Before bidding adieu to the Hot Stove season, we asked our 30 beat reporters to look back at their club's past and answer the following question: Who is the best free-agent signing in the team's history? We narrowed the choices with the following parameters: The signings had to be multiyear
Before bidding adieu to the Hot Stove season, we asked our 30 beat reporters to look back at their club's past and answer the following question: Who is the best free-agent signing in the team's history?
We narrowed the choices with the following parameters: The signings had to be multiyear contracts, to exclude fluky one-year deals and to focus on players who got real commitments. And contract extensions don't count. Only instances when every team in the league had a chance to bid on the player were allowed, including international free agents who received Major League contracts.
TORONTO -- The best free-agent signing in Blue Jays history is one that still evokes a lot of mixed emotions from the fan base more than 20 years later.
Roger Clemens was responsible for two of the greatest single-season pitching performances the organization has ever seen. His four-year deal worth $40 million was an absolute steal, but all that success was quickly overshadowed by the way he left town. Like much in life, there's a good and bad side to this story.
The Blue Jays were three years removed from their back-to-back World Series titles when they signed Clemens on Dec. 13, 1996. Clemens arrived with a chip on his shoulder following a pair of disappointing seasons in Boston, and he was looking to prove that there was still plenty left in the tank. The methods he allegedly took earned him a spot in the Mitchell Report, but in terms of his performance on the mound, there was no one better for the Blue Jays.
Clemens went a combined 41-13 with a 2.33 ERA en route to capturing the American League Cy Young Award during each of his two seasons in Toronto. Clemens led the AL in ERA, won the most games and struck out the most batters both seasons -- pitching's equivalent to the Triple Crown. Every fifth day, he became must-watch TV.
Many elite pitchers have passed through Toronto over the years: Pat Hentgen, Roy Halladay, Dave Stieb, Jimmy Key and Juan Guzman, to name a few. But nobody has matched what Clemens did in 1997. According to Baseball Reference, Clemens' WAR of 11.9 is the highest by anyone -- pitcher or position player -- in franchise history. Clemens' '98 season (8.1) ranks tied for third among pitchers behind Hentgen's '96 season (8.5).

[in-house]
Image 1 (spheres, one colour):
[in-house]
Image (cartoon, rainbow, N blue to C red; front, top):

Clemens' eye-popping numbers put him atop the baseball world in 1998, but the mood quickly turned sour north of the border. Clemens not only demanded a trade, but he also had a few specific organizations in mind, and it was only a matter of time before he ended up with the division-rival Yankees. And, of course, he was later named in the Mitchell Report on the use of illegal performance-enhancing drugs in baseball.
It wasn't all bad news for the Blue Jays. In return, Toronto acquired veteran left-hander David Wells, who would win 37 games over the next two years. Despite a high ERA, he still finished third in voting for the AL Cy Young Award in 2000. The Blue Jays also acquired valuable setup man Graeme Lloyd and infielder Homer Bush, who hit .320 with 32 stolen bases during his first season in Toronto.
Designated hitter Paul Molitor (three years, $13 million)
Molitor faced the unenviable task of replacing fan favorite Dave Winfield when he signed on Dec. 7, 1992. Toronto had just won the World Series, and the organization was getting hit with all kinds of criticism after letting Winfield, a World Series hero, get away. Molitor made everyone forget all about that by leading the AL with 211 hits while posting a .332 average and 22 homers. Molitor finished second in voting for the AL MVP Award in '93 and was even better during the strike-shortened '94 season.
Right-handed pitcher Jack Morris (two years, $10.85 million)
The second year of this deal never really worked out, but the Blue Jays got what they wanted and more out of the first. Morris led the AL with a 21-6 record and a 4.04 ERA in his first season with the Blue Jays and finished fifth in voting for the AL Cy Young Award. Prior to Morris' arrival in 1992, Toronto had not figured out a way to take the final step, and he played a major role in getting it to the postseason. The Blue Jays would go on to win it all two years in a row. Another honorable mention here goes to Dave Stewart, who joined Toronto on a two-year deal following the '92 season, but the edge goes to Morris because Stewart had a 4.44 ERA in his first year with the team and a 5.87 ERA in his second.
Outfielder Joe Carter (three years, $19 million)
Players who signed extensions were not allowed to be considered for this list unless they were free agents at the time of the deal. That's the situation Carter found himself in after leading the Blue Jays to the World Series in 1992. It was down to Kansas City and Toronto, but the Royals were offering more money and a longer-term deal. As the legend goes, Carter woke up one December morning to birds chirping after seeing Devon White and SkyDome in a dream. He took it as a sign. Toronto has received better returns -- at least in terms of stats -- from other players, but none of that really matters because of one thing: Carter hit the most iconic home run in franchise history, and that moment alone makes this one of the top signings in club history.
Gregor Chisholm has covered the Blue Jays for MLB.com since 2011. Follow him on Twitter @gregorMLB and Facebook, and listen to his podcast.